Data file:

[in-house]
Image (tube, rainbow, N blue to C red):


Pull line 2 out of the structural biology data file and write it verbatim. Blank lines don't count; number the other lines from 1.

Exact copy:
Image (tube, rainbow, N blue to C red):